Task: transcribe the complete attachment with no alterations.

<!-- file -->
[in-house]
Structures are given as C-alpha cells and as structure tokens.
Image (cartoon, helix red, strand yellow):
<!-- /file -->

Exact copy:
[in-house]
Structures are given as C-alpha cells and as structure tokens.
Image (cartoon, helix red, strand yellow):